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Intolerance and 'one size fits all'





Poseidon, Greek mythology’s God of the Sea, had a son named Procrustes. He occupied a home along the sacred way between Athens and Eleusis, where he offered hospitality to passing strangers. He would invite them in for a night’s rest in his iron bed. He bragged that his unique bed would perfectly fit anyone who slept upon it. What Procrustes didn’t tell his guests was that if they were too short for the bed, he would stretch them on the rack (“Procrustes” means “the stretcher”) or, if they were too tall, he would use his sword to modify their leg length. Thus, the term “Procrustean bed” refers to any forcibly imposed limitation that seeks uniformity and abhors diversity; it manifests utter intolerance to what does not conform to a single-minded view or outlook, a complete disregard of individual differences or exceptional circumstances.


An unconscious leader risks falling prey to this tunnel vision, which leads to arbitrarily, often ruthlessly and violently, forcing conformity with a system or method. Such a leader will promote a culture that tolerates no deviation or change and into which employees are forced to fit. A strong company culture, “this is the way we do things here,” affects productivity and morale by causing employees to artificially predetermined behavioral standards that discourage personal initiative and engagement and, ultimately, employee retention.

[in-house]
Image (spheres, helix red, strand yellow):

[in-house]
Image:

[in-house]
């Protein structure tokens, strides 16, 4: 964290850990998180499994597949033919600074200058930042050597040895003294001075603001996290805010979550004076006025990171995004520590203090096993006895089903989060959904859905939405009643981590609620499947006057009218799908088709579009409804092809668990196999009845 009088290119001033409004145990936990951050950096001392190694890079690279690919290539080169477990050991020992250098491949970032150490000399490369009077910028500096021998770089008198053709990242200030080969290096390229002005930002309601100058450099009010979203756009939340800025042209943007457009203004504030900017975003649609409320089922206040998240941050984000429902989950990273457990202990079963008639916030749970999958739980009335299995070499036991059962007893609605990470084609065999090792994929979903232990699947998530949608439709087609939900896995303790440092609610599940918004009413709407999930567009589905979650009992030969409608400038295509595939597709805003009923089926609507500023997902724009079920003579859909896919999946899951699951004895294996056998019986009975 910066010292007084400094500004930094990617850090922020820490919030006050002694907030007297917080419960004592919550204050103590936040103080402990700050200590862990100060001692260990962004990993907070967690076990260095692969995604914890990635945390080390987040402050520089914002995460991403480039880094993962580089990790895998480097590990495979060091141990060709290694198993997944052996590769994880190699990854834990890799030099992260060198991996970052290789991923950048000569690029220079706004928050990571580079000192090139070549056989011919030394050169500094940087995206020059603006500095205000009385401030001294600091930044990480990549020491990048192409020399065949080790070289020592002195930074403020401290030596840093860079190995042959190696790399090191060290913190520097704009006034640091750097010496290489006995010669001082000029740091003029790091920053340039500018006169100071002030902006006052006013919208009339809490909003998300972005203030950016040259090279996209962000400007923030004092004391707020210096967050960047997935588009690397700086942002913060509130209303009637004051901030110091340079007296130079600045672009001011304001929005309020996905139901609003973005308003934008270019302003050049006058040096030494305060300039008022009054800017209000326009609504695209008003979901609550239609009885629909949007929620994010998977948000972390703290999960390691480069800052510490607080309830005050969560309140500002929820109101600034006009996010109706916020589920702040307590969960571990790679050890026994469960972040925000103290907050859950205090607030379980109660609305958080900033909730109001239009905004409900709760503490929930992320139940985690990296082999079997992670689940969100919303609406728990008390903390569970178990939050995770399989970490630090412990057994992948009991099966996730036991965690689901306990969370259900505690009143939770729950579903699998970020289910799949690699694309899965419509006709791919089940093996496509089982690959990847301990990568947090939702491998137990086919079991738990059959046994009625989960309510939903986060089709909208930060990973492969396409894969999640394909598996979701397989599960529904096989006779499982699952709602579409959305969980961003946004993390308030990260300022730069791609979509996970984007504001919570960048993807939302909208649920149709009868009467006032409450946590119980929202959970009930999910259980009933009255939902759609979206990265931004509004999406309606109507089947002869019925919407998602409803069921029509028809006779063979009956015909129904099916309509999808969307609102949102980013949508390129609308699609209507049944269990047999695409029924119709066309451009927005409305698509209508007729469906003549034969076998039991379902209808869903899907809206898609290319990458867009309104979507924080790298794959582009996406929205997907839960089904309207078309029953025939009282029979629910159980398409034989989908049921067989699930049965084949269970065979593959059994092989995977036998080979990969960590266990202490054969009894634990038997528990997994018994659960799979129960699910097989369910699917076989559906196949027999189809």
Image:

Poor self-awareness translates into a growing chasm between formally promoted and celebrated skills in corporations, such as ingenuity, diversity, and creativity, and the actual intolerance to change or accept a different viewpoint. When presented with conflicting information, leaders will try to ensure that they understand and lop off what they don’t. And they would do the same with people.


The road to increased self-awareness and empathy is steep and long, and the starting point of personal growth should be acceptance. If we were to go anywhere, we need to accept the truth about who I am, with my flaws, strengths, weaknesses, and everything I am experiencing. It is a human tendency to agree with what we understand and conform to our point of view. Accepting conflicting information and outlooks and not feeling threatened by the unknown is a virtue.


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